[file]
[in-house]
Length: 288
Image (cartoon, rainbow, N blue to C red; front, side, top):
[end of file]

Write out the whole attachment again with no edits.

[in-house]
Length: 288
Image (cartoon, rainbow, N blue to C red; front, side, top):